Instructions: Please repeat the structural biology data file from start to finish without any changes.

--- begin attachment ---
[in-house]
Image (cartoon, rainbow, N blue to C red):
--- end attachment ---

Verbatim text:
[in-house]
Image (cartoon, rainbow, N blue to C red):